The Politics of Your Pandora Station

Internet service allows political ad campaigns to target specific voters by the music they love.

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Preferences like these, when cross-referenced with commercial and political data, allow firms to form very detailed pictures of voters.

"We do have models that predict which channels you consume a lot of, if you're a radio listener, what types of music categories would be your likely preference," says Laura Quinn, founder of Catalist, a Democratic communications firm. "I know there's real strong interest in opening up that channel [Pandora] and using it more. That may simply be they're seeing a lot of Republican activity."

[Vast Amounts of Political Advertising Goes Unreported]

Indeed, Republicans seem to be using Pandora more, at least recently. In a unscientific survey of Pandora listeners of both parties conducted by the author, not a single one had heard a Democratic ad. The Romney campaign has been especially active. In addition to display and audio ads, the campaign has taken advantage of one of Pandora's newer offers for political campaigns: E-mail sign-up. Listeners hear an ad from Romney's campaign and are then prompted to allow Pandora to give the campaign your E-mail address.

While research shows Republicans are much more likely to listen to radio, especially country and talk stations, Internet radio appears to be a bipartisan activity. Such a large audience, which can be sorted and picked apart by advertisers, makes Pandora an ideal medium for issue advertising as well.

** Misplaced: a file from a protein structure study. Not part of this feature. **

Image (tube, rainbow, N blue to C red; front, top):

Over the summer, before the presidential race really began to heat up, one ubiquitous Pandora ad dealt with the "Durbin Amendment" and debit card savings. Paid for by the banking industry's Electronic Payments Coalition, the ad claimed retailers were hoarding money they promised to customers for paying lower fees on debit card swipes. The coalition's making its argument to politicians too--it's spent half a million dollars lobbying Congress and financial regulators so far this year, according to the Center for Responsive Politics.

As more people avoid the most effective political medium, television commercials, by using DVR, tablets, and smartphones, Internet radio listeners should expect a political Pandora even after this fall's election.

Seth Cline is a reporter with U.S. News and World Report. Contact him at or follow him on Twitter.

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